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One of the most effective ways to make your digital images more interesting to the eye is to change the angle that you’re shooting from.
Let me use an illustration of a couple of pictures I took of a big pineapple (don’t ask – it’s an Australian thing).
In my opinion the first picture is more interesting than the second. While the second one might be good for putting the big pineapple in context of it’s surroundings and giving an accurate picture of ‘how big’ it is – I’m much more likely to get a ‘wow’ factor using the first one (although it’s by no means a brilliant shot for other reasons).
There are a number of differences between these pictures in terms of composition. For starters the first is closer and fills the frame (I’ll write about this in a future post) but for the purposes of this composition tip I want to talk about the angle that I shot the two shots from.
The second shot is taken by me standing some distance from the pineapple as I approached it. In the first shot I got much closer and crouched down to accentuate my smallness and the pineapple’s bigness. I could have gone a step further and lay down on the ground to shoot it for even greater impact.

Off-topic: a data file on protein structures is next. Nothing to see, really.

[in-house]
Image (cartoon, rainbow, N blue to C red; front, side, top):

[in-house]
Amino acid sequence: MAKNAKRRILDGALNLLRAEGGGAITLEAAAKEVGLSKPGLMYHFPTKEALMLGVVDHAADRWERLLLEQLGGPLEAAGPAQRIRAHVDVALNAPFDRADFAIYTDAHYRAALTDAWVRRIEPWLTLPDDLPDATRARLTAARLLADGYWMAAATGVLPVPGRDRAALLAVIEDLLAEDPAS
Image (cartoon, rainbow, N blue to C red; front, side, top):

Not only does changing the angle that you shoot from impact the feeling of size of your subject but it can have a real effect upon the light and shade and patterns on it. You can see in the picture on the left that the patterns on the pineapple are more pronounced as a result of the angle I shot it from.
Ideas for New Angles
The variety of perspectives that you can shoot images from is only limited by your imagination. In addition to standing in front of your subject you might like to try:
I’m not finished yet with this topic – in the days ahead I’ll post about finding new angles to shoot portraits from and then one on photographing children. Stay tuned for more.